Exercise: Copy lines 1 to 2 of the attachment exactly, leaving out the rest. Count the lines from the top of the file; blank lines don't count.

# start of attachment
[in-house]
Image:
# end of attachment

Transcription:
[in-house]
Image: